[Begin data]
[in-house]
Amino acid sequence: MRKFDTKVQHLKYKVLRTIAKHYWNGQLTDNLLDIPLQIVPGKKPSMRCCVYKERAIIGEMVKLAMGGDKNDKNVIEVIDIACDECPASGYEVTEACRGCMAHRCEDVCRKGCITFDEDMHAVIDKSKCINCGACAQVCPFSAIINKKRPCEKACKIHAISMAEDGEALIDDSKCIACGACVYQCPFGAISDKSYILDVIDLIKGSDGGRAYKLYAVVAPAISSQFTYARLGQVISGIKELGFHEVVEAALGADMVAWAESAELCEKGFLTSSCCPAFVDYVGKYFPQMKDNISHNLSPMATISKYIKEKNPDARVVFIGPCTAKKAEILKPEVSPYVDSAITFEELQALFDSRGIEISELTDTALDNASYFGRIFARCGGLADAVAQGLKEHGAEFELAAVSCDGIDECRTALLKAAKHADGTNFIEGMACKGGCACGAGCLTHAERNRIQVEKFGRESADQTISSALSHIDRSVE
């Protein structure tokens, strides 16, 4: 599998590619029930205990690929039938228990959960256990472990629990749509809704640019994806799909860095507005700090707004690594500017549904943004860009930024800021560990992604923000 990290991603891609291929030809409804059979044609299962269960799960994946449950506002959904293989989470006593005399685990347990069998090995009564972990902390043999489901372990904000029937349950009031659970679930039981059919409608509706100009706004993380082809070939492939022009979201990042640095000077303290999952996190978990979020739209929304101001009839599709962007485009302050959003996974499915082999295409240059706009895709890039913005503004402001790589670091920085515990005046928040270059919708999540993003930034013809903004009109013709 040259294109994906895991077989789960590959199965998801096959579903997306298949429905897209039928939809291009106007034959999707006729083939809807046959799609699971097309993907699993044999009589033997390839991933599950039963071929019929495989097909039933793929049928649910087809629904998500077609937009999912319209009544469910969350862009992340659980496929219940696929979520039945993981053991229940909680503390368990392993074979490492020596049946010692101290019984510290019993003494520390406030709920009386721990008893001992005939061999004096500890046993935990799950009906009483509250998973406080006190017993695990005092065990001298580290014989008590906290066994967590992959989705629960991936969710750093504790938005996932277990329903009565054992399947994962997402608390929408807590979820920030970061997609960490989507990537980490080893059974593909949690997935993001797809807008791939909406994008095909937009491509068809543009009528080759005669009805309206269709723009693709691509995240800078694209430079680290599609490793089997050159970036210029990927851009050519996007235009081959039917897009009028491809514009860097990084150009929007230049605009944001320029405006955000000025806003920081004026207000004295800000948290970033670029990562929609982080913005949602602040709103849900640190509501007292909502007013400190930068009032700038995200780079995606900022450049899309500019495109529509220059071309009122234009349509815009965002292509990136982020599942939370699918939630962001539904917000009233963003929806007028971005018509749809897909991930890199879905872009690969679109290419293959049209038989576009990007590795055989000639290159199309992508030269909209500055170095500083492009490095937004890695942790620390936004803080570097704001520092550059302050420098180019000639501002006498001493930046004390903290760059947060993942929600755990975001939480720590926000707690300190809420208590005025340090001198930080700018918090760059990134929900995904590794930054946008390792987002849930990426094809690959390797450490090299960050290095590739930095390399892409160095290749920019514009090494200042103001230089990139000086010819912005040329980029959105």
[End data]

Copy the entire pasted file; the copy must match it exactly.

[in-house]
Amino acid sequence: MRKFDTKVQHLKYKVLRTIAKHYWNGQLTDNLLDIPLQIVPGKKPSMRCCVYKERAIIGEMVKLAMGGDKNDKNVIEVIDIACDECPASGYEVTEACRGCMAHRCEDVCRKGCITFDEDMHAVIDKSKCINCGACAQVCPFSAIINKKRPCEKACKIHAISMAEDGEALIDDSKCIACGACVYQCPFGAISDKSYILDVIDLIKGSDGGRAYKLYAVVAPAISSQFTYARLGQVISGIKELGFHEVVEAALGADMVAWAESAELCEKGFLTSSCCPAFVDYVGKYFPQMKDNISHNLSPMATISKYIKEKNPDARVVFIGPCTAKKAEILKPEVSPYVDSAITFEELQALFDSRGIEISELTDTALDNASYFGRIFARCGGLADAVAQGLKEHGAEFELAAVSCDGIDECRTALLKAAKHADGTNFIEGMACKGGCACGAGCLTHAERNRIQVEKFGRESADQTISSALSHIDRSVE
């Protein structure tokens, strides 16, 4: 599998590619029930205990690929039938228990959960256990472990629990749509809704640019994806799909860095507005700090707004690594500017549904943004860009930024800021560990992604923000 990290991603891609291929030809409804059979044609299962269960799960994946449950506002959904293989989470006593005399685990347990069998090995009564972990902390043999489901372990904000029937349950009031659970679930039981059919409608509706100009706004993380082809070939492939022009979201990042640095000077303290999952996190978990979020739209929304101001009839599709962007485009302050959003996974499915082999295409240059706009895709890039913005503004402001790589670091920085515990005046928040270059919708999540993003930034013809903004009109013709 040259294109994906895991077989789960590959199965998801096959579903997306298949429905897209039928939809291009106007034959999707006729083939809807046959799609699971097309993907699993044999009589033997390839991933599950039963071929019929495989097909039933793929049928649910087809629904998500077609937009999912319209009544469910969350862009992340659980496929219940696929979520039945993981053991229940909680503390368990392993074979490492020596049946010692101290019984510290019993003494520390406030709920009386721990008893001992005939061999004096500890046993935990799950009906009483509250998973406080006190017993695990005092065990001298580290014989008590906290066994967590992959989705629960991936969710750093504790938005996932277990329903009565054992399947994962997402608390929408807590979820920030970061997609960490989507990537980490080893059974593909949690997935993001797809807008791939909406994008095909937009491509068809543009009528080759005669009805309206269709723009693709691509995240800078694209430079680290599609490793089997050159970036210029990927851009050519996007235009081959039917897009009028491809514009860097990084150009929007230049605009944001320029405006955000000025806003920081004026207000004295800000948290970033670029990562929609982080913005949602602040709103849900640190509501007292909502007013400190930068009032700038995200780079995606900022450049899309500019495109529509220059071309009122234009349509815009965002292509990136982020599942939370699918939630962001539904917000009233963003929806007028971005018509749809897909991930890199879905872009690969679109290419293959049209038989576009990007590795055989000639290159199309992508030269909209500055170095500083492009490095937004890695942790620390936004803080570097704001520092550059302050420098180019000639501002006498001493930046004390903290760059947060993942929600755990975001939480720590926000707690300190809420208590005025340090001198930080700018918090760059990134929900995904590794930054946008390792987002849930990426094809690959390797450490090299960050290095590739930095390399892409160095290749920019514009090494200042103001230089990139000086010819912005040329980029959105």